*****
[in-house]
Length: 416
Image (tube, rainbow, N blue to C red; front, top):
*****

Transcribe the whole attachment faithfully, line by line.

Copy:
[in-house]
Length: 416
Image (tube, rainbow, N blue to C red; front, top):